"I've got one piece of advice for you about the Romney-Ryan game plan: Punt it away. It won't work. It won't win the game," Obama said in Toledo. "You don't need that coach. That's a losing season."
Obama was mixing politics and presidential empathy on a holiday traditionally known as an election-year turning point, with summer closing and more voters paying attention to the race for the White House. The president was trying to win over voters in Ohio, one of the seven most contested states likely to decide the Nov. 6 election.
Speaking to members of the United Auto Workers and United Steelworkers, Obama noted his decision to rescue automakers General Motors and Chrysler in 2009, a move Romney opposed.
"If America had thrown in the towel like that, GM and Chrysler wouldn't exist today," Obama said. "The suppliers and the distributors that get their business from these companies would have died off, too. Then even Ford could have gone down as well."
The recoveries of GM and Chrysler have been recurrent themes in Obama's reelection campaign, particularly in states such as Michigan and Ohio.
"These jobs are worth more than just a paycheck. They're a source of pride. They're a ticket into middle class life. These companies are worth more than just the cars that they build. They're a symbol of America's innovation," Obama said. "They're a source of our manufacturing might. If that is not worth fighting for, than what is?"
Romney's campaign noted that more than 23 million people were unemployed or underemployed on Labor Day. "President Obama has a record of zero and 23 million, and it's time to get a new coach. Americans aren't better off than they were four years ago and are longing for a winning season," said Romney spokeswoman Amanda Henneberg.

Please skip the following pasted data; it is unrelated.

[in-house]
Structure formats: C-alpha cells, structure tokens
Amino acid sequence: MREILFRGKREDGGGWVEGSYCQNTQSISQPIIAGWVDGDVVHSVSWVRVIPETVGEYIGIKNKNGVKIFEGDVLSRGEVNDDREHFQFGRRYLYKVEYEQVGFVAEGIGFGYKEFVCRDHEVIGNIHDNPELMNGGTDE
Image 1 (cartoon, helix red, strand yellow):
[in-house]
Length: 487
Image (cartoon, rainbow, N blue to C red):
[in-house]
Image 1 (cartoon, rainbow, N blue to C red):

Obama's pitch to working families came as Democrats pressed labor unions for their support at rallies in Rust Belt states. In Detroit, Vice President Biden told auto workers at a Labor Day rally that Romney had sidestepped the auto bailout at last week's GOP convention. "What you didn't hear him talk about was his position, to quote, 'Let Detroit go bankrupt,"' Biden said, pointing to an editorial Romney wrote arguing against government intervention in the auto industry.
Turning to Romney's weekend football metaphor, Obama offered a lengthy sports-infused rebuttal, telling the union workers that on first down, Romney would hike taxes by nearly $2,000 on an average family with children. "Sounds like unnecessary roughness to me," Obama said.
On second down, Obama said Romney "calls an audible" and gets rid of regulations. "And then on third down, he calls for a 'Hail Mary,' " Obama said, by proposing turning Medicare into a voucher-like system for future retirees. "But there's a flag on the play: Loss of up to an additional $6,400 a year for the same benefits you get now."
"That's their playbook. That's their economic plan," Obama said.